Hour of Code: More than 600 million lines of code and counting | ZDNet

Hour of Code: More than 600 million lines of code and counting

Summary:Computer science has been called the new literacy for the 21st century. And yet computer science education is declining in the U.S. The Hour of Code is one campaign hoping to change that.

Computer science has been called the new literacy for the 21st century. And yet, computer science education is on the decline in the U.S., where only 5 percent of students learn how to program.

The Hour of Code, a campaign created by Code.org that began Dec. 9, aimed to push the U.S. in the right direction by working with school districts to help introduce more than 10 million students to computer programming during Computer Science Education Week. The tutorials, which are designed as a game that teaches basic coding principles, were created in collaboration with engineers from Microsoft, Google, Twitter and Facebook. 

The campaign skyrocketed past its goal thanks largely to teachers who used the programs in their classrooms. In seven days, 15 million students in grades kindergarten through 12th grade participated and wrote 500 million lines of code. The infographic from Code.org below showcases the stats from the first week.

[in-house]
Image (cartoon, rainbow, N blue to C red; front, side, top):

Interest in the tutorials didn't drop off after Computer Science Education Week ended. The lines of code keep piling on and more students are joining in. 

Since the first week's numbers were compiled, another 106 million lines of code have been written and another three million students have participated. To date, nearly 606 million lines of code have been written by student and more than 18.2 million have participated. 

Not every student who started the hour of code actually finished. The numbers that Code.org provided are based just on participation, not completion. In the view of Code.org's creators—brothers Hadi and Ali Partovi—the  Hour of Code isn't a panacea to  America's computer science worker shortage. It's just the beginning. The real goal is for programming to become part of a school's regular curriculum alongside math, science and reading. 


This post was originally published on Smartplanet.com

Topics: Innovation


Kirsten Korosec has written for Technology Review, Marketing News, The Hill, BNET and Bloomberg News. She holds a degree from Northwestern University's Medill School of Journalism. She is based in Tucson, Arizona. Follow her on Twitter.

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